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TODAY IN SWITZERLAND

Today in Switzerland: A roundup of the latest news on Monday

From a solid approval of all the issues in Sunday's referendum to higher beverage prices: find out what's going on today in Switzerland with The Local's short roundup of the news.

Today in Switzerland: A roundup of the latest news on Monday

The Swiss say ‘yes’ to three proposals in Sunday’s referendum

Voters in Switzerland have accepted all three of the Federal Council’s proposals, rejecting, at the same time, opponents’ arguments.

The law making organ donation opt out across the country was approved by 60.20 percent, providing more money and staff to controversial EU border protection agency Frontex passed with 71.48 percent, and Lex Netflix – which makes streaming services pay a percentage fee to support Swiss filmmaking – passed with 58.42 percent.

READ MORE: Swiss back ‘Netflix’ law and steer clear of ‘Frontexit’

Read about the reactions in Switzerland to the vote results in our article to be published later today.

Price of beverages is soaring in Switzerland

Another popular product is becoming more expensive: non-alcoholic beverages.

“The price of PET [bottle] is skyrocketing, and with it that of mineral water and soft drinks”, according to a report in 20 Minuten.

“And there is a risk of further price increases.”

For instance, prices per litre of mineral water are now 5 to 10 cents higher, depending on the retailer. 

Of the four major retailers that the newspaper surveyed — Migros, Coop, Aldi and Lidl — only Coop has not yet increased the price of beverages, although its spokesperson conceded the company “cannot currently rule out price adjustments,” due to higher cost of raw materials, the shortage of packaging material, and the increased transport and energy costs.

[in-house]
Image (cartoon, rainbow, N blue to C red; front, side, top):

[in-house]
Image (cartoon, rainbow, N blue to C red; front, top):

Beverages have joined a growing list of other everyday products whose prices have increased due to inflation and war in Ukraine.

READ MORE: Seven products that are becoming more expensive in Switzerland

Migros gets tough on “unscrupulous” customers

Due to a growing number of shoplifters, some self-service Migros stores in Zurich are installing special barriers allowing only those who pay for their purchases to exit the store.

Customers who pay at self-checkout terminals must now scan the QR code of their receipt to open a barrier and leave with their purchases.

This is a rather drastic measure, “as Migros and Coop have so far relied on individual responsibility and random checks”, according to Tagblatt newspaper.

Russians critical of the Putin regime want to remain in Switzerland

A number of Russian women in Switzerland, who have criticised the war on social media and are therefore afraid of repercussions from the Kremlin, are asking the Federal Council to grant them asylum.

“I can understand that these women are concerned,” said Ulrich Schmid, Professor of Russian Culture and Society at the University of St. Gallen. “It is possible that the Russian secret service reports on people who are critical of the war”.

Should Russian deserters and opponents of the war get asylum in Switzerland? MPs’ views diverge.

For a Green MP Balthasar Glättli, Switzerland should grant these war objectors humanitarian visas.

However, according to Thomas Aeschi from the Swiss People’s Party (SVP), “Switzerland should treat all asylum seekers equally”, pointing out there are many people in other countries “who are also threatened”.

According to the State Secretariat for Migration (SEM), Russians who remain in Switzerland can apply to their canton of residence to extend their existing residence permit. “It will be checked whether they meet the legal requirements for this”, SEM said.

READ MORE: Reader question: Do Russians now have to leave Switzerland?

If you have any questions about life in Switzerland, ideas for articles or news tips for The Local, please get in touch with us at [email protected]